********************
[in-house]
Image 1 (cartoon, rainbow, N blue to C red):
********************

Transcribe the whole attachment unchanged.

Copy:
[in-house]
Image 1 (cartoon, rainbow, N blue to C red):